• Updated Daily Values Based on the newest research, nutrient values for sodium, dietary fiber, and Vitamin D have been revised. These are the amounts used to calculate the % daily value and serve to help consumers understand a food’s impact on their overall daily diet.


    • New Footnote The footnote printed near the bottom of the label has been updated. The new wording is “*The % Daily Value tells you how much a nutrient in a serving of food contributes to a daily diet. 2,000 calories a day is used for general nutrition advice.”


    • Calories from Fat The label must still include valued for total fat, trans fat, and saturated fat, but the “total calories from fat” requirement has been removed because research shows that when it comes to health, the type of fat is more important than the total fat consumed.


It’s important to be aware of and begin planning for these changes.  We’re here to help make the planning process simple, and recommend labeling requirements and practices to ensure your success.  For more information on creating a healthy nutrition facts label on your products, check out our blog titled 4 Common Food Label Violations + How to Avoid Them.


Mobilizing Your Workforce: 3 Key Steps to Get You Started

Your material handlers need to be constantly on the move to ensure the productivity and efficiency necessary to compete in today’s tough competitive environment. The most important decision you can make toward mobilizing your workforce is to equip them with data collection devices that enable them to quickly and accurately scan goods.  Follow this simple, three-step approach and you will be well on your way to scoring the lower costs, greater worker productivity and a variety of other benefits of a mobilized workforce.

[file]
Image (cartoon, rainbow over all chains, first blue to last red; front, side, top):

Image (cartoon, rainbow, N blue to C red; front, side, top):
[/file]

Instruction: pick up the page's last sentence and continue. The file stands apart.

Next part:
dolphin7800 mobile computer

  1. Know Your Options

There are dozens of possible hardware and software configurations, with any number of options that can take your environment to maximum efficiency or—if you choose a device that doesn’t quite meet your needs—maximum hassles. Depending on your environment and your applications, you will want to ensure you choose the right device(s). For an industrial environment, you may need something more ruggedized to handle a number of users and multiple shifts, for example.  Or maybe you need a handheld mobile computer for picking and packing applications that is responsive, easy-to-use and light weight.  Above all, start with a plan that outlines the needs of each area in your warehouse and build a wish list to identify the features that you need most.